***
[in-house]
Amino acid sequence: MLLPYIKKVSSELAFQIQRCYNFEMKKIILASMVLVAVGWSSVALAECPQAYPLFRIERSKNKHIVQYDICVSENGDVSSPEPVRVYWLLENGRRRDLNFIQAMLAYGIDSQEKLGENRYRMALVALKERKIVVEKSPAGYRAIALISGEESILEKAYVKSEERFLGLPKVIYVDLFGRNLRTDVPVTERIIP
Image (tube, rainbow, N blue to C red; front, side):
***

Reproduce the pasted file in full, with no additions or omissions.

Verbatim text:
[in-house]
Amino acid sequence: MLLPYIKKVSSELAFQIQRCYNFEMKKIILASMVLVAVGWSSVALAECPQAYPLFRIERSKNKHIVQYDICVSENGDVSSPEPVRVYWLLENGRRRDLNFIQAMLAYGIDSQEKLGENRYRMALVALKERKIVVEKSPAGYRAIALISGEESILEKAYVKSEERFLGLPKVIYVDLFGRNLRTDVPVTERIIP
Image (tube, rainbow, N blue to C red; front, side):